During Tokyo's initial voluntary lockdown earlier this year, its parks and playgrounds were cordoned off to varying degrees across the metropolis. Depending on the location and its residents, some remained untouched while others were torn down by rebellious locals, only to be put back up by workers the following day.
Over the weeks this enforcement was in place, Lee Basford documented these public spaces across the city navigating its unusually quiet streets by bike. "Most parks were empty, children played in areas around the edges. But later as people grew tired of the restrictions, I began to see more of the tape removed, especially in the more residential areas," he tells Creative Boom.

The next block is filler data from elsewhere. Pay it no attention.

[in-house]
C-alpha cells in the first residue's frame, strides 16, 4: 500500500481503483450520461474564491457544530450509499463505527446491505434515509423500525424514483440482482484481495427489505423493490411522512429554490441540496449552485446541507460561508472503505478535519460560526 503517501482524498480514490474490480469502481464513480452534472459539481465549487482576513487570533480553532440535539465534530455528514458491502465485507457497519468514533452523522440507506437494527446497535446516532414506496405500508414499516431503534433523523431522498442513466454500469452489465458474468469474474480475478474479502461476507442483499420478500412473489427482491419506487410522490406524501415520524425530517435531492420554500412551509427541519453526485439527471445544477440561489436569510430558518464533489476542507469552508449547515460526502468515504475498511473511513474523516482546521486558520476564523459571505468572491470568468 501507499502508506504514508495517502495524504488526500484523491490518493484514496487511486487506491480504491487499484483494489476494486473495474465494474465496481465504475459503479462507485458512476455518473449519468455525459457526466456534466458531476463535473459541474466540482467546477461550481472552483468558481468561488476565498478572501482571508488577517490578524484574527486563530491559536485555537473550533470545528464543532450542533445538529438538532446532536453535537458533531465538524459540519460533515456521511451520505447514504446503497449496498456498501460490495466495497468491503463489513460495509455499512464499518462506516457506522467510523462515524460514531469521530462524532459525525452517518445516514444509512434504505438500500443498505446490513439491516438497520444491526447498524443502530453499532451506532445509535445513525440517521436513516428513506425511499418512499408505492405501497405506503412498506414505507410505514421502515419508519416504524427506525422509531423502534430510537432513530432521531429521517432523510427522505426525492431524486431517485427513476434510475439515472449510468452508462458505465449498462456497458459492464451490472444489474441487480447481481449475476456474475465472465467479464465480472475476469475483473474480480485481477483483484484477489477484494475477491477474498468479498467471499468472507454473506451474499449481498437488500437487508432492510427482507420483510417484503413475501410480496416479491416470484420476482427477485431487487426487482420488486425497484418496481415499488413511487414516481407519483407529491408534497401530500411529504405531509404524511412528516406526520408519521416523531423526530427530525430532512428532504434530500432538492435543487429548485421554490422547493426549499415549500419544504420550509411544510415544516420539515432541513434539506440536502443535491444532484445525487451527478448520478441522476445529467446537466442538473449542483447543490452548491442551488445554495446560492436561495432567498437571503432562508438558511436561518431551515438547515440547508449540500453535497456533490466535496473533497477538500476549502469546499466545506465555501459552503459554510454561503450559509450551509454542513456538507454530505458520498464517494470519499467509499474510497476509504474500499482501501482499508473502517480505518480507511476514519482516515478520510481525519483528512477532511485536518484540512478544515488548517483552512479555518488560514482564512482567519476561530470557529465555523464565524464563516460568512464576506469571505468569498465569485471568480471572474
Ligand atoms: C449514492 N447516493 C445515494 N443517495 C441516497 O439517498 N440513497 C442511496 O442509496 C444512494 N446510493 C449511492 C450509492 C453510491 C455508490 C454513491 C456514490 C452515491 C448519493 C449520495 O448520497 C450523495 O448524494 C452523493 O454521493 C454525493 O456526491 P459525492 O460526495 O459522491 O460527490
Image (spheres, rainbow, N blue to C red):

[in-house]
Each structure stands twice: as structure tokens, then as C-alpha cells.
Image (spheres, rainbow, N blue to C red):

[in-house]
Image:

"It took me about a week to begin documenting the parks, although I wish I'd started sooner, I kept seeing these beautiful objects, each unique, thinking it would make a really interesting collection of images that may possibly never be seen again."
Lee is a British designer, art director and photographer who has been living and working in Tokyo since 2013. His clients include Sony, Uniqlo, Nike, and Rapha. Over the years, he has written, illustrated, and photographed for Paper-Sky, Dazed and Confused, Tokion, Level and designed typefaces for T26 and Fountain fonts. He has also exhibited internationally. You can find out more about his work at leebasford.com.